Members of our community who have preexisting mental-health disorders (myself included and maybe you), like generalized anxiety or obsessive compulsive disorder, can have a particularly difficult time with events such as the rapidly spreading pandemic of COVID-19.
Strengthening of coping abilities, which is a central focus when managing compromised mental health, can be tested beyond capability during calamitous events. It’s a time to direct a conscious effort to connect with the community and people we trust, such as friends and family or our psychiatrist and mental-health counsellors.
Connection is found in unique ways in unprecedented times. Almost daily, I glance at my watch around 6:45 pm. Around 15 minutes later, echoes of banging metal begin from various directions: sounding like the first raindrops popping on a metal roof just before a heavy shower. Then, reliably, a sonic gush of banging metal echoes through the early evening sky. I spontaneously grabbed a pot and pan out of the kitchen and, out of character and against my instincts, I began banging them in arrhythmic fashion on my front porch.
During the nightly sonic salute to health-care professionals and essential workers, I’ve found my anxiety around the unsettling new normalcy of COVID-19 slightly dissipates. For a moment I’m connected, in a modern, primitive ritual of pounding pots and pans, acknowledging our togetherness in uncertain days while celebrating heroes in our world.
The salute for frontline health-care folks and essential workers has a positive byproduct for our collective social psychology at a time when our collective physical health is at risk. A communal act of defiance against the fear and stress is produced by a common enemy: an unpredictable global contagion.
We are managing dual epidemics in reality: a contagious virus and the fear surrounding it. Previous experience with large outbreaks of serious illnesses have shown the potential for panic is often a lot greater than the risk for the disease.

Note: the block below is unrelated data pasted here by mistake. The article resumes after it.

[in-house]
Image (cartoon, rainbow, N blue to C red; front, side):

COVID-19 is not unique to our time. Plagues or pandemics are regular events throughout history: the bubonic plague killed a third of the European population in 1347 and an influenza outbreak in 1918 infected 500 million people worldwide; ending the lives of 20 to 50 million people. What is completely new with this pandemic is communication technology, which instantaneously moves a mind boggling amount of information around the planet.
With the omnipotent tool of information technology comes its nefarious opposite: misinformation. This Faustian bargain, or deal with the devil, seems to be an intrinsic part of modern life. Every advantage technology brings, there always seems to be a corresponding disadvantage.
The social psychology part of us has evolved slower and unharmoniously with our rapid technological advances.
COVID-19 has created discordant times for everyone. As in our pre-pandemic lives, everyone has their unique challenges, just with different, more spaciously generous behaviour.
Kind smiles toward strangers six feet away and primal clanging of metal cookware as celebration, defiance and connection might be new social norms for everyone, including those of us coping with mental-health disorders or people coping with any of life’s unique challenges.
Adaptation has always been a cornerstone of health and happiness.
Robert Skender is a Powell River freelance writer and health commentator.